Friday, February 4, 2011

Comic Book Movies: I Don't Want A Carbon-Copy!

Let's get something straight:

Taking a comic-book and making an almost exact replica for screen is like communism;  It might make sense on paper, but in practice it sucks.

Now, I'm writing this article because over the next few articles I'm going to be talking quite a bit about comic-book adaptations.  I will be throwing out the term 'complete faithfulness' a whole lot.

What do I mean by 'complete faithfulness'?  I'm glad you asked!

Would this have made Spider-Man any better a movie?
When I say 'complete faithfulness' I'm talking about taking a concept from a comic and making an almost exact carbon-copy for the film adaptation.  Examples would be things along the lines of Wolverine's costume.  Yes, there were people that, when X-Men came out in 2000, were actually pissed that Wolverine wasn't wearing his classic yellow costume from the comics.  Another example might be Spider-Man's web-shooting ability.  For those unfamiliar, in the comic-books, Spider-Man doesn't shoot webbing from his own wrist like he did in the movies, he actually wears a piece of equipment on his arm that shoots the web out for him.  These would be examples of what I mean by 'complete faithfulness'.

My position on issues like these tend to make me rather unpopular with the hardcore comic-book fanboys of the world.  I am a member of the camp that claims that the movies need to be looked at as their own entities, and shouldn't be held to such constraints.

...That's not Deadpool
However, that's not to say that I'm in support of changing the core of a character.  There are film-makers out there that change every aspect of a character until it no longer resembles it's source material.  When that happens we get crap like Baraka-pool, and nobody wants to see a travesty like that happen again.  It may just be the greatest bastardization of a character in film history.

There's a fine line that must often be walked.

Let me walk you, dear reader, through one of the more memorable debates I've witnessed.

This isn't a debate that I had myself, but actually a debate that a friend of mine got into.  Oddly enough, that's the friend I am usually debating against.

At the surface, this may seem like a change to the core of the character.  I mean, Peter Parker has always been a little nerdy white boy from Queens, right?  While this may be true, it isn't the core of the character.  His race has nothing to do with how the character acts, or why he decides to fight crime as the web-slinger Spider-Man.  Peter Parker, as a character, was created by Stan Lee and Steve Ditko in 1962.  To have a Black super-hero at that point in time was not only unheard of, but would have been career suicide.  You don't have to like it, I certainly don't, but that's just the way it was.  The core theme of Spider-Man is 'with great power comes great responsibility.'  As long as he is a nerd who gets bitten by a radioactive spider and lives life by that credo, the core of the character is still there.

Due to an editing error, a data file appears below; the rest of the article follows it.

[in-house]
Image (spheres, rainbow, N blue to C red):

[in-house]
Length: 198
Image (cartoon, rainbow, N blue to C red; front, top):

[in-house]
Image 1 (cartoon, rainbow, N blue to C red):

The man who could've been Spider-Man
It's no secret that I'm not a supporter of the Spider-Man reboot.  There are plenty of things about that project that I have issues with.  However, the only thing that did have me excited about the film was that they were considering the young, and talented, Donald Glover (a self-professed nerd) for the eponymous role of Spider-Man.  To me, this was a healthy change.  Not only would this help to set the new movie apart from Raimi's movies, but also it would just be an interesting change.  Of course, as most of us probably are aware, Glover didn't get the role.

I would have been curious to see who they got to play Peter's dear Uncle Ben.

For those who are still skeptical as to whether or not the Community star could have pulled off the required level of 'nerdosity' for Peter Parker, go check out the movie Mystery Team.  I do have to say, after seeing The Social Network, I'm confidant that Andrew Garfield will do a fine job in the role.  I just don't like the fact that their rebooting it on principle.

So what is it that I'm really trying to say?  That there's a very fine line that film-makers must walk when adapting a comic-book (or any other source material, really) for film.  I can't say that enough.

Look at some of the more successful superhero movies over the past few years; They've remained faithful to the character, but they weren't afraid to change aspects about the character to serve the film.  Iron Man, The Incredible Hulk, Nolan's Batman pictures: These are great examples of what a comic-book adaption can, and should, be.

So consider this a brief (if a bit disjointed) primer for the articles to come.

I'm sure I'll be pissing at least a few people off with my upcoming explanation of why Fantastic Four wasn't as bad a movie as you might think.